Building in 2005
Building in 2007


The San Mateo County Bar Association provides a second home for its members since 1916. On March 9, 1916 the local Bar was organized by 13 attorneys and Judge George H. Buck, the sole Superior Judge of San Mateo County at the time.

For years, longer than most have lived, Judge George H. Buck has looked down at us from his perch on the second floor of the county courthouse. Judge Buck presided over the first meeting of the San Mateo County Bar Association on March 9, 1916, and was elected its first president.

Judge Buck was born in what was then faraway Maine in 1847, three years before California became a state. After studying law with an admiralty firm in Boston he became an attorney for the Cincinnati & Lafayette Railroad.

Health problems forced the then 27-year-old attorney to move to sunny California. With 47-cents in his pocket, he took a job as a livery worker in a stable. He worked hard and saved enough to open his own law office. After a few years he ran for and was elected District Attorney. In 1890 he won another election – to the San Mateo County Superior Court.

For the next 42 years, or until 1932, Judge Buck served the citizens of San Mateo County. It is estimatd he heard 20,000 cases while a member of the judiciary.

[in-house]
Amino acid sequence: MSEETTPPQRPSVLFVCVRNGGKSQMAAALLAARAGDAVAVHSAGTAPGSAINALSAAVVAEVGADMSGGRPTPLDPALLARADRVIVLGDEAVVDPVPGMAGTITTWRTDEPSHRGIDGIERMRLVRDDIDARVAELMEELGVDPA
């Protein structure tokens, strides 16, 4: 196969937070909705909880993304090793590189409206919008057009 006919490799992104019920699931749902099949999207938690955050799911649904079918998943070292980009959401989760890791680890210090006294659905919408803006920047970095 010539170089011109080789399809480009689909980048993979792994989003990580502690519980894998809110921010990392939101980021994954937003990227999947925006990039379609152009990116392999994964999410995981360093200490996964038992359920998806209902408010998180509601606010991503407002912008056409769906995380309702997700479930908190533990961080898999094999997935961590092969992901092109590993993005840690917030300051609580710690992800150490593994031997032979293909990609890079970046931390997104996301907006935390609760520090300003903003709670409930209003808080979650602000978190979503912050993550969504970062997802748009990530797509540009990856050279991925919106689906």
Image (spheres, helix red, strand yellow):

Judge Buck died at his home on Jefferson Ave., Redwood City, at age 91 in 1938. He was buried in the Union Cemetery at Woodside Rd. and El Camino Real in Redwood City. His son, Norman Buck, who was killed in a train accident in Redwood City at age 27, lies beside him. The tombstone is easy to find.

Stop by someday for a visit. Let the good judge know he is still remembered.

A warm welcome awaits those who visit its offices at 333 Bradford Street, Redwood City. With its worthwhile educational programs, fulfilling volunteer opportunities and friendly social gatherings, SMCBA elevates and enhances the practice of law in San Mateo County.

Mission Statement

The mission of the San Mateo County Bar Association is to promote the honor and dignity of the legal profession, to educate its members, to foster the highest professional standards, to encourage collegiality and to maintain cooperation between its members and the judiciary, to furnish excellent indigent criminal defense, to assist the public in accessing legal services, to provide and recognize public service as it relates to this mission, and to advance the fair and effective administration of justice for all.